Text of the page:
More than 100 million U.S. adults have diabetes or prediabetes, according to the Centers for Disease Control and Prevention. About 9.4% of the U.S. population (or about 30.3 million people) have the disease and another 84.1 million have prediabetes.1 With diabetes reaching epidemic proportions, it’s no surprise that consumers are looking to nutraceuticals for blood sugar support, whether they’ve been diagnosed with the disease or not.
“The interest for blood sugar management ingredients has increased over the last couple of years,” says Patrick Luchsinger, marketing manager of nutrition, Ingredion Inc. (Westchester, IL). “Maintaining optimal blood sugar levels is not only important for people with diabetes, but also for the general population as well.”
Plus, says Jim Komorowski, chief scientific officer, Nutrition 21 (Purchase, NY), it’s not just consumers who are opening their minds to supplements for blood sugar: “Over time, there has been some turnover in the traditional medical community allowing for an upsurge of homeopathic or more naturally inclined physicians, who are open to exploring nutraceuticals as a recommended option for their patients.”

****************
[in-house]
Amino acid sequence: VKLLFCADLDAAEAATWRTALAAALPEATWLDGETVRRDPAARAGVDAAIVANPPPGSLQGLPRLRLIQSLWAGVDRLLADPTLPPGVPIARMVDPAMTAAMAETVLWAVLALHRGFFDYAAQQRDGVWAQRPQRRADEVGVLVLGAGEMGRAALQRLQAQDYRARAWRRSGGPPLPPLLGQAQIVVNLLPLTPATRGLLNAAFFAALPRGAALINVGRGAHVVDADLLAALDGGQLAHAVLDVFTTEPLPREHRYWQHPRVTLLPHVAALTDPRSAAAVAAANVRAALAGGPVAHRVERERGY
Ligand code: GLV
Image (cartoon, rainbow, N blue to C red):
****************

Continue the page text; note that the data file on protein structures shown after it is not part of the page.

In response, the dietary supplement industry is taking a multi-pronged approach to tackling the diabetes problem. While some ingredients are helping consumers achieve healthier body weights, others support normal insulin function, and still others prevent oxidative stress. “Manufacturers have a unique opportunity to formulate supplements that can help on two fronts,” says Steve Holtby, president and CEO of Soft Gel Technologies Inc. (Los Angeles). “Preventing metabolic syndrome and diabetes in those at risk, and controlling the disorders in those who already have them.”
Indeed, the newest research examines the impact nutraceuticals can have on a range of consumers—from those who are overweight and, therefore, at risk of developing diabetes later on, to those with a prediabetes or type 2 diabetes diagnosis.